We’d cut school like knives through butter, the three
Of us – Peter, Stephen and I – to play
Just about all the music we knew,
Which meant that from nine in the morning till
Steve’s parents, the ever-patient Murtaughs,
Would get home from work, I played guitar,
Peter played bass, and Steve (who’d end
Up becoming a guitarist by trade
When we went separate ways, to separate
Schools, in separate states), Steve at this point
Played the drums. We dreamed of power trios
And powered our way through song after song,
Including ones Steve and I wrote – like
“Hey, Regina” and the lamentably
Titled “String Her Up.” Sometimes we tried out
Some Yes, a long “Hey Joe,” the stereo phaser
Was my signature sound, and I’d bend in
And out of notes, imply arpeggios
Only to solo over them, tapped, frowned
Through anything in a major key, felt
My way home on Steve’s map of snares, Pete’s rope.
We’d play an entire Zeppelin album,
Usually the first or second, then stray
By chance into the longer, later songs
Like bees that float down and drown in a pool.
We’d break for lunch and then get back at it,
As though we had a gig to get ready for,
Or a demo to cut, the cassette deck
Rolling its eyes as it whirred round and round.
Peter, as is the nature of bassists,
Held the tunes together and kept things light.
Years later, I assumed he was dead.
My Telecaster glares at me at night now
From inside the hard case by my bed –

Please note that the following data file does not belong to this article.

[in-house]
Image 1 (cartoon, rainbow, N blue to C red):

And the calluses on my fingertips
Have long since softened. The six-minute solos
At some point became poems it took two months
Minimum to make seem seamless. Steve
In the meantime thrived in the Triangle,
Became Stevie, married Emily; Pete
I knew less about. He posts on Facebook
Cheerfully about the Light, the Great Light
That glows in all of us, sends the occasional
White dove in the occasional shared shot,
A sun resting on a cloud like a pearl
In its mooted gray shell. Nostalgia courts
Me. I’m nearing forty, we were boys –
And I should let us be. But nostalgia
Spreads quickly through the ashes of our youth,
Making ferned fires out of blue beliefs.
When the dark would come, we’d show each other
Our blisters, the painful white whorls peeling,
Our red palms upwards, outstretched and unread.
Notes on the PoemRowan Ricardo Phillips balances the personal with the universal in "Boys", a poem capturing youthful reminiscence from his 2016 Griffin Poetry Prize shortlisted collection Heaven. Let's examine what the poem accomplishes so beautifully. Phillips' narrator looks back on his and his high school friends' aspirations, using a rueful, conversational tone to recount their rehearsals and musical choices in a voice that establishes its authenticity from the start with: "We’d cut school like knives through butter" ... a simile so goofy it could only have come from a teenaged boy. The details, such as the band names, instruments, recording technology and other cultural references of the time, are specific and catalogued in the self-important and absorbed manner of an adolescent. But then the voice subtly shifts, as you realize that lines like: "then stray By chance into the longer, later songs Like bees that float down and drown in a pool." ... sound more like an older narrator reflecting and looking back wistfully. By the time we reach the final lines: "When the dark would come, we'd show each other Our blisters, the painful white whorls peeling, Our red palms upwards, outstretched and unread." they verge on startling, because they are both so intimate, and yet so symbolic of hard work and passion being served up (the "palms upward") to whatever the future will make of one's youthful offerings. The 2016 Griffin Poetry Prize judges captured what Phillips has achieved here when they remarked in the citation for Heaven, "This is a book that manages to make something indelible of what we’ve wrought and lost, and of what we are still desperate to decipher ..."